ESOC Working Paper 10: Do Museums Promote Reconciliation? A Field Experiment on Transitional Justice
Can transitional justice museums promote reconciliation after political violence? Existing scholarship suggests that transitional justice policies aid processes of reconciliation and promote tolerance by acknowledging and imparting a shared history of past events. These notions motivate the widespread construction of transitional justice museums. Skeptics, however, caution that such policies can induce a polarizing effect, ingraining societal divisions. This project draws on evidence from a novel field experiment studying the Museum of Memory and Human Rights in Santiago, Chile to answer this question. Our findings suggest that though perceptions of the museum vary along ideological lines, Chilean university students display greater support for democratic institutions, are more likely to reject institutions associated with the repressive period, and are more likely to approve of restorative transitional justice policies after visiting regardless of their ideological priors. These results suggest that memorial museums can support processes of reconciliation by influencing political attitudes of visitors.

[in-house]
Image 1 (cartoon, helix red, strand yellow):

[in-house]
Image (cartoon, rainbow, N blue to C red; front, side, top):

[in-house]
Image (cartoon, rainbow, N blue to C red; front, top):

Balcells, L., V. Palanza and E. Voytas. (2018). Do museums promote reconciliation? A field experiment on transitional justice. (ESOC Working Paper No. 10). Empirical Studies of Conflict Project. Retrieved [date], from http://esoc.princeton.edu/wp10.